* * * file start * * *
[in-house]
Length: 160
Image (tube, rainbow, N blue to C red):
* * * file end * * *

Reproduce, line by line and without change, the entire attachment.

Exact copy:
[in-house]
Length: 160
Image (tube, rainbow, N blue to C red):